PWCs are still considered boats since the rider usually sits on it, just like when we ride speed boats and ski boats. The U.S. Coast Guard even calls PWCs jet-drive boats.

How Do You Tow a Boat?

Boat Ramp Trailer

Towing a boat means to transport it towards your destination by pulling it with a large, powerful motor vehicle. It shouldn’t be too complicated; you just have to remember some safety tips while driving. What’s more important is how you prepare for it, especially when you hitch the trailer.

Read on to learn the things you need to do, starting from the preparations for the boat launch.

How to Hitch a Trailer

  1. Move the trailer hitch (view on Amazon) lower until it’s on top of the ball.
  2. Use the safety pin to secure the closed latch.
  3. Cross the chains before connecting each end to the vehicle you’re going to use.
  4. Connect some sort of line to the vehicle for safety if the trailer comes with its own brakes.
  5. Prepare the lights by plugging them all in.

Next, check out the following safety tips to make sure all the preparations are set and your driving will match the additional weight you’re towing:

  • Inspect everything from your vehicle to the trailer.
  • Check if the tongue weight doesn’t exceed 15% of the cargo.
  • Stop your vehicle in a safe, spacious area and adjust the cargo whenever the trailer sways.
  • Your turns while driving should always be wide enough to prevent hitting obstructions.
  • Widen the gap from the vehicle before you since the extra load can affect your brakes.
  • If it’s a windy day, prevent your rig from going further sideways by neither braking nor accelerating.
  • Focus on the side mirrors, not the rear.

Other than those safety tips, it’s best if you practice towing in an empty parking lot. Your usual drives are no match for the demands of towing a boat.

When you arrive at your destination, the next thing you should do is to back the trailer. That’s necessary before you can launch the boat.

How to Back a Trailer

  1. Drive forward as you position the trailer near the ramp until you align the trailer to your vehicle.
  2. Always glance at each side mirror – should be the extended or towing type (view on Amazon) as you slowly reverse.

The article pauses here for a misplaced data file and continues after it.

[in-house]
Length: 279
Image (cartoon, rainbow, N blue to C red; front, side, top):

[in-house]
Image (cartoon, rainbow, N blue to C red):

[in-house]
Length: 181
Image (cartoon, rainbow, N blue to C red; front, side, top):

3. Correct your direction immediately once the boat moves to the right or left to maintain a straight path (drive a little bit to the right if the boat moves left and vice versa).

How to Prepare Before Launch

  1. Put every piece of essential gear on the boat.
  2. Take off any transom strap.
  3. Place one or more drain plugs according to what your boat needs.
  4. Recheck the drain plugs to make sure of the correct placement.
  5. Pull out the plug for the incandescent lights (if any) for safety purposes.
  6. Put the mooring lines on the cleats if needed.

How to Launch a Boat

  1. Drive backward until the stern floats on the water.
  2. Park your vehicle.
  3. Chock the wheel if you’re towing a big boat.
  4. Remove the boat’s chain and strap.
  5. Start the boat’s engine.
  6. Put the boat in reverse.
  7. Apply enough power to ease the boat off the trailer slowly.
  8. Drive your vehicle backward a little bit if the boat won’t move.
  9. Transfer the boat to a courtesy dock immediately if you’re using a public ramp.
Preparing for Boat Launch

See how tricky it is to launch a boat? That’s why using an ATV to tow should try to be avoided. Despite the immense strength of some ATVs, pulling a heavy boat may damage their brakes and drive belt. They’re also susceptible to accidents because of slippery ramps and uneven weight distribution.

Remember, ordinary ATVs have a towing capacity of only 1,500 pounds max. And that’s only based on flat ground.

The ramp’s slope will make the boat heavier for the ATV, so it’s best to stick with big vehicles when towing, backing, and launching boats. ATVs are best for PWCs only while trucks can tow boats up to 8,000 pounds.

References

Kris Peter

Adventure seeker and off-road enthusiast. I love the thrill of going off-road and taking on the elements.